With the presidential campaign in the rearview mirror, we've gained a semblance of certainty. The Donald, donning his finest suit, will be the one to take the oath of office in January. However, President-elect Trump made some pretty big claims in the past few months -- claims that could greatly upset the status quo. And when the status quo is upset -- or even threatened -- many investors turn to gold for safety. So let's narrow our focus and see what this could mean for gold stocks in particular.
Revealing positions on trade that, if put into practice, could dismantle the norm, Donald Trump is not one looking for the safety of a middle ground. His position on the Trans-Pacific Partnership notwithstanding -- President Obama appears uninterested in pursuing it during the lame-duck session of Congress -- Trump's approach to NAFTA alone could certainly drive the price of gold up. According to Trump, if the United States is unsuccessful in renegotiating the terms of NAFTA with its partners, he will "submit notice that the U.S. intends to withdraw from the deal."
But the effect on gold stocks transcends possible movement in the price of gold. Many gold-miners maintain operations in Canada, the U.S., and Mexico. For example, Barrick Gold (NYSE:GOLD), headquartered in Toronto, has several mines in Nevada. Of these, the Cortez mine is one of Barrick's most important. In fiscal 2015, the mine accounted for 999,000 ounces of gold production -- 16% of the company's total gold production of 6.12 million ounces. If the U.S. withdraws from NAFTA, that would certainly complicate things for Barrick, as the company would have to contend with new tariffs.
Should Trump withdraw the U.S. from NAFTA, there's no guarantee that Canada and Mexico will maintain the agreement. Consequently, this would affect gold miners such as Goldcorp (NYSE:GG), which maintains operations in Canada and Mexico, as well as countries in South America. In fiscal 2015, Goldcorp's six mines in Canada and Mexico accounted for 2.3 million ounces of gold production -- nearly 67% of the company's 3.5 million ounces of total gold production.
Like most politicians, Trump has often opined on the importance of reforming the tax code; however, the similarities end there.
During his campaign, Trump announced his intent to reduce the business tax rate from 35% to 15%, as well as eliminating the corporate alternative minimum tax. And addressing corporate profits held in offshore accounts, Trump has suggested a one-time 10% tax rate on repatriated funds.
These are aggressive goals, and it's far from certain that they will actually be implemented; nonetheless, they require our attention. Should Trump succeed in effecting these changes, though, it's fair to assume that corporate profits will soar. And when they do, investors are likely to turn to stocks, leading to a drop in the price of gold.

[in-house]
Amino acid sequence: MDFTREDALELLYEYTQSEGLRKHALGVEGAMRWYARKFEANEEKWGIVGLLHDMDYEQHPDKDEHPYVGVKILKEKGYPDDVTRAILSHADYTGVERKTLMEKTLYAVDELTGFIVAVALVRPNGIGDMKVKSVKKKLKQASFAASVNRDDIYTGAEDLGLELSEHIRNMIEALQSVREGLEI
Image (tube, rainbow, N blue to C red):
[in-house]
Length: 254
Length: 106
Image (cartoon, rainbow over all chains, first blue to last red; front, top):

This isn't to say that all gold stocks are bound to plummet. Miners headquartered in the U.S., such as Denver-based companies Newmont Mining (NYSE:NEM) and Royal Gold (NASDAQ:RGLD), will suffer from the dip in the price of gold, but they will also benefit from the reduced tax rate. Newmont Mining, for example, would have paid $338 million had it been taxed at the statutory rate of 35% in fiscal 2015, but it actually ended up paying $644 million -- an effective tax rate of 66%.
Seeking gold ore but finding red ink
Although miners account for possible fall-offs in the price of gold when planning their operations, that's not to say all gold miners will be able to survive downturns with the same degrees of aplomb. Gold miners that have failed to improve the efficiency of their operations will most likely look to sustain their operations by taking on debt, since their ability to generate operational cash will be greatly hindered. On the other hand, the companies that have reduced their leverage and streamlined their operations will be much better equipped than the others.
Continuing to successfully execute its debt-reduction strategy, Barrick Gold is one company well positioned to weather a storm. Through the first nine months of fiscal 2016, the company has reduced its debt by $1.4 billion. And if it achieves its target of $2 billion in debt repayment for fiscal 2016, it will have succeeded in reducing debt by 39% since Dec. 31, 2014. Like Barrick, Newmont is also succeeding at strengthening its balance sheet. As of the end of the third quarter, the company has reduced its net debt by 13% compared with the same period last year.
The ability to control costs is another strength that should behoove both Barrick and Newmont, should the price of gold fall. Barrick is forecasting its all-in sustaining costs (AISCs) to fall between $740 and $775 per gold ounce for fiscal 2016, while Newmont is forecasting its AISCs to fall between $870 and $930 per gold ounce for the year.
There's bound to be continued volatility in the gold market as Trump takes office and begins to work toward implementing his agenda. In focusing on the gold market, though, investors must remember that there is a difference between a business and its stock. Market volatility will surely affect all gold-mining stocks; however, the underlying businesses won't all suffer in the same way. The industry leaders -- Barrick Gold and Newmont Mining -- may see their stocks fall, but the strength of the businesses will ensure that they are able to endure the turbulent times.